• Certified under the official Seal of the U. S. Department of Agriculture in the State in which the document originates.

Other Documents

For information about American citizens who were born, married or deceased abroad, contact the Passport Office of the U.S. Department of State, 1111 19th Street, NW, Washington, D.C. 20036, U.S.A. Copies may be obtained from that office.

Step 2 – Authenticate of the state’s seal

Submit the documents to the U.S. Department of State the Authentication’s Office, 518 23rd Street, NW  SA-1, Columbia Plaza, Washington, D.C. 20520, U.S.A., for authentication of the state’s seal.

Step 3 – Authenticate of the seal of the U.S. Department of State

Finally, the document should be presented to the embassy of the country in which the document will be used to authenticate the seal of the Department of State.

Please consult the link travel.state.gov for further information provided by the U.S. Department of State on notarial and authentication services.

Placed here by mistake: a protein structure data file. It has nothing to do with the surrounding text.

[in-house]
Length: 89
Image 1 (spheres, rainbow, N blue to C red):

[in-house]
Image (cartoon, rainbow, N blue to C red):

(The Hague, October 5, 1961)

The purpose of the Convention is that it abolishes the requirement of diplomatic and consular legalization for public documents originating in one Convention country and intended for use in another. Documents issued in a Convention country which have been certified by a Convention Apostille are entitled to recognition in any other Convention country without any further authentication. Such recognition is an obligation on the part of the United States to the other countries party to the Convention and the federal courts and state authorities have been alerted to this obligation. Consular officers in Convention countries are prohibited from placing a certification over the Convention Apostille.

Public documents include:

  • Documents emanating from an authority or an official connected with the courts or tribunals of the state, including those emanating from a public prosecutor, a clerk or a process server;
  • Administrative documents;
  • Notarial acts; and
  • Official certificates which are placed on documents signed by persons in their private capacity, such as official certificates recording the registration of a document or the fact that it was in existence on a certain date and official; and notarial authentication’s of signatures.

If you have a document which you want legalized for use in another Convention country, the Convention certification called an Apostille must be affixed to the document by a competent authority. The Apostille is a preprinted form prescribed by the Convention.

For the list of countries party to the Hague Convention, please click here.